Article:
Emma Rutherford is an Ocean Pathways ambassador who completed her placement during summer 2023 with Southern Ontario At Risk Reptiles (SOARR) located in the Upper Thames River Conservation Authority (UTRCA). As part of her placement, Emma had the opportunity to participate in surveys for different reptile species, including endangered queensnakes. She also participated in the collection and incubation of reptile eggs including those of endangered spiny softshell turtles. This is her blog: A Day in the Life of an Ocean Pathways Ambassador.
Spiny softshell turtle nesting season occurs from June to mid-July. Turtle eggs are vulnerable to many threats including predation, poaching, compaction, and flooding. During nesting season, the Southern Ontario At Risk Reptiles (SOARR) team collects spiny softshell eggs for artificial incubation in the lab. Then, Hatchlings are released in August and September.
Day in the life of an Ocean Pathways Ambassador: Spiny Softshell Turtle Nesting Season
8:30 – Time to meet with the team. We load the canoes and other equipment onto the truck before heading out to our spiny softshell nesting sites.
9:30 – Canoes are in the water, and we are heading off to the first nesting site on our route.
10:00 – We arrive at our first nesting site. Now to find a turtle nest! We stick close to the vegetation, where turtles are unlikely to nest, as we walk onto the site. Looking for turtle tracks, we see a spot where it looks like a turtle has stopped. We use mussel shells to dig in the sandy gravel. We have to dig carefully; we don’t want any broken eggs! No luck at the first hole. We keep digging until the site is covered in holes. Still no nests. We rake over the site to fill in the holes and make it easier for us to see turtle tracks the next time we visit.
11:00 – We arrive at our next site and start digging. Found a nest! Only the top of the first egg can be seen peeking out from the sand. We get a container filled with damp sand and carefully place the eggs in it making sure to keep the eggs in the same orientation they were found in. If an egg is rotated, it could harm the embryo inside. There are 20 eggs in the nest, an average number for a first clutch of spiny softshell eggs. Now time to keep digging!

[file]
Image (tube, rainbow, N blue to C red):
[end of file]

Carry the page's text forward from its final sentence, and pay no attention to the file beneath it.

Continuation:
12:00 – We continue our route, stopping at nesting sites and looking for eggs. We find a few more nests as we go. We also find nests that have unfortunately been found by predators. Raccoons, skunks, and canids all like to eat turtle eggs.
3:30 – By now, we haven’t seen any spiny softshells but that might change at our next stop. We get out of our canoes and sneak through the thick vegetation at the back of the site. Looking out onto the gravel bar we can see two adult females. We count down from three then run out of the vegetation, trying to catch the turtles. Spiny softshells are quick! We chase them, trying to catch them before they reach the water.
Caught one! We bring the turtle to a shady area and take her measurements: carapace length, plastron length, height, and weight. We also look for and document any injuries. We will now check if she is a recapture by scanning the turtle for a Passive Integrated Transponder (PIT) tag, a microchip that contains a unique code which can be used to identify individual turtles. No tag, meaning the turtle isn’t a recapture. We used a syringe to insert the tag under the skin and then released the turtle. We check the site for turtle nests and then head back to our canoes.
6:30 – 8:00 – We are back at the lab. We processed all of the nests we found. The eggs are placed in containers of damp vermiculite which helps maintain appropriate moisture levels. We label each nest with a nest number, the date, the location where the eggs were collected, and weight. We place the containers in the incubators. In August, we will have thousands of turtles hatching!